MAYFLOWER (KATV) - An expert in water testing tells Channel 7 new information conflicting with reports from Exxon about the Mayflower oil spill.
A person who conducted several water tests said there are remnants of the oil spill in Lake Conway, and could be headed toward the Arkansas River.
It's been one the hottest topics talked about around morning coffee in Mayflower, and now residents may finally have answers from an outside source on whether tar sands are indeed in their beloved lake.
Mayflower resident Billy Coleman said it was along the banks of Lake Conway where shortly after the oil spill he captured a duck he routinely sees around there. This time it had a different look.
"It had a lot of oil on it, we were kind of concerned that it wasn't going to make it. Usually they nest around here," Coleman said.
Now an expert confirms a fear Coleman and many of his neighbors share.
"Yes, there's oil in Lake Conway and there's oil downstream flowing into the
Arkansas River," said Scott Smith, who is president and CEO of Opflex Solutions.
Opflex Solutions is a proponent of "efficient oil cleanup," and its preliminary tests came back with positive signs of tar sands in the lake.
Smith said to his understanding there's a discrepancy in Exxon's water testing. According to him, they test the surface and soil samples at the bottom, but his company is focusing on the water columns in-between.
"I have found methylene chloride and barium in concentrations indicative of tar sands oil," he added.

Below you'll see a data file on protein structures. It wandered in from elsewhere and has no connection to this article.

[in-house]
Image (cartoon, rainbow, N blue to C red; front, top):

Exxon nor a representative with the environmental protection agency would speak to us on camera, but they released this statement today:
"In response to your recent inquiry, water sampling confirms the main body of Lake Conway remains oil-free. The Arkansas Department of Environmental Quality continues to monitor water samples. Further assessments also show there is no oil in Palarm Creek, which is located south of Lake Conway."
"I'm very disappointed in our elected officials across the country and in the organizations that are supposed to serve the community," Smith said while looking at the map of Lake Conway that shows where he found positive tests for tar sands.
"Communities deserve elected officials and government agencies that are trying to connect the communities."
Another neighbor showed Channel 7 pictures of the nutria he found dead in his yard over the weekend, he said it was soaked in oil.
Some remain in shock at Monday's revelation of what could be in the peaceful body of water they call home.
"I hope that's not true, if it's true that would be bad," Coleman told us.
Faulkner County's Advisor Group has asked many of these independent agencies to come and conduct testing and samples of their own, to see how it compares to what Exxon is releasing.